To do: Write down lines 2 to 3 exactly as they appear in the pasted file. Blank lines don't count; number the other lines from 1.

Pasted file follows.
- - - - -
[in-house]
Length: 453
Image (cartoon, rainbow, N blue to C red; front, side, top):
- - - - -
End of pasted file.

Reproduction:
Length: 453
Image (cartoon, rainbow, N blue to C red; front, side, top):